4 Easy Ways to Tailor your CV to the Job you Want

 In Job Searching, Student and Graduate Tips

You are a student and in need of money. You send your CV off to as many companies you can think of, in hope that one of them will hire you. However, it’s pretty unlikely that your CV will match the exact requirements of every job vacancy. So although it’s time consuming, you need to spend a good couple of hours tailoring your CV to each job role you want to apply for. Yes, it is an arduous task, but it will pay off in the long run for sure. Here are some tips from Graduate Recruitment Bureau on how to tailor your CV in four quick and easy steps.

What skills and attributes are the company looking for in their candidate? If a job advertisement states they are looking for a ‘creative individual with good leadership skills’ use these attributes to describe yourself in your introductory paragraph. Employers only look at CVs for about 15 seconds, so grab their attention in the first few lines by showing them you are the candidate they are looking for within seconds of reading your CV.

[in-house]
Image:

Don’t include every job you’ve ever had, employers are not interested in your life story. Employers like to see candidates who have had a range of work experience, but what they are really interested in seeing is if your work experience could benefit them. The work you did in a hairdressing salon when you were younger wouldn’t really be relevant to an accounting job you are applying for, but it might be of interest to employers in the retail or hospitality industries. Be selective with what you include and keep it relevant to the job you are applying for.

Like in your introductory paragraph, identify the required personality traits in the job advertisement and work out how your hobbies can relate to these requirements. For example, if the job ad states it is looking for someone who can work well in a team and you happen to be into playing sports, state that playing sport has enhanced your communication and team work skills as you are constantly working in a team.
Although this section has little effect on the interview selection process, employers like to get a sense of your personality through how you like to spend your time when not working.

If you feel you have certain skills that the company would benefit from having but you haven’t had a chance to highlight these in the above sections, here is your chance.
Remember to highlight skills you have that would be important to the job role and try to provide examples of when you have used these skills.


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